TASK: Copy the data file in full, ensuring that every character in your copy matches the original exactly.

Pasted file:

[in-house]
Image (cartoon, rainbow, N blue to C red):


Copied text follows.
[in-house]
Image (cartoon, rainbow, N blue to C red):